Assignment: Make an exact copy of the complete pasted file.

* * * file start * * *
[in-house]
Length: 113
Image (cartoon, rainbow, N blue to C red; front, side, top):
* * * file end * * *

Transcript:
[in-house]
Length: 113
Image (cartoon, rainbow, N blue to C red; front, side, top):